Won’t he… or willy?

MY five-year-old grandson is holding his willy.

I don’t have a problem with this. Yet.

I believe all small boys do it. Small as in young; I’m not referring to the size of his willy. He might develop a complex.

In fact, no one is referring to his willy at all. Ever. Nor the fact that he never lets go of it; for exactly that reason – he might get a complex, and we couldn’t have that, could we?

Instead he’s going to be a social outcast when, at the age of 35, he attends cocktail parties (pardon the pun) with a drink in one hand and his penis in the other.

Maybe I’m old fashioned. Maybe it will become terribly avante garde, like bolts through your lips and tattoos on your forehead. Trousers will be especially designed to make willy-holding easier.

There was a time when the notion would have struck me as too absurd to discuss, but in my adult lifetime social appetites have, I suspect, changed more than in any other 50-year period. I remember the furore in the 1960s when BBC cricket commentator Brian Johnston said on air (and he was talking about their names, for heaven’s sake!): “The batsman’s Holding; the bowler’s Willey.”

Since then, for example we have learned to feel comfortable about homosexuality, and why not! So a bit of social willy tugging ought not to surprise us overmuch. A Dr Spock website suggests we should tell small boys (still referring to age) that there are times when it’s appropriate, like in the privacy of your own home. They used to say that about homosexuality, but not any more.

In a way it surprises me that my grandson has taken this step in his development. I assume it’s an insecurity thing. He used to have a toy dinosaur that he gripped from the moment he woke until he went to bed. It seemed to me to be a better choice. It meant he could still function as a child with the normal number of limbs. He might not have been able to pick things up (not with the hand that held the dinosaur, anyway) but at least he could wave his arms about, and point at something on the ceiling. Now if he tries those things he throws himself on his back. Or develops a willy that is so elongated no one will ever be able to call him a small boy again.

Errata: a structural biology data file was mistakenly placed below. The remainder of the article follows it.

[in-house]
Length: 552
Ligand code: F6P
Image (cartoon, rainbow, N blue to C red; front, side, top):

I feel sad for him. I mean, I don’t expect he really will be welded to his penis when he’s 20, not physically anyway. But I suspect he’ll be pretty much absorbed by it mentally, and in a way that girls are not. Is it my imagination, or are small girls a lot less pre-occupied with their genitals than boys?

If so, it’s a trend that seems to continue right beyond puberty and possibly into old age.

If you have any doubts, just check out the junk emails that come your way. If you’re as unlucky as me you’ll get several dozen every day advising you that, really, a small penis is going to destroy your life.

I tried an experiment (no, not that kind of experiment!) and set up an email with a girl’s name (Colleen), and still I received hundreds of messages suggesting I needed Viagra or some kind of penis implant. How come I didn’t receive hundreds of emails, as Colleen, offering me larger breasts, or… I don’t know… whatever it is that women feel insecure about?

I think it’s because they don’t. Feel insecure. Not as much as men, anyway.

Back to my grandson… I don’t know what the answer is. Let him enjoy it while he can, I suppose. We even talked about buying him a false one, from a sex shop, purely to give him the kind of freedom to wave his arms about that the dinosaur used to provide.

But on balance we all reckoned it would be a lot easier to explain to people in shops why he was clutching his own penis, rather some kind of plastic look-alike.